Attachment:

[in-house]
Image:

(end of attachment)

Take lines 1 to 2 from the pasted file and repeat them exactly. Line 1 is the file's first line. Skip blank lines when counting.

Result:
[in-house]
Image: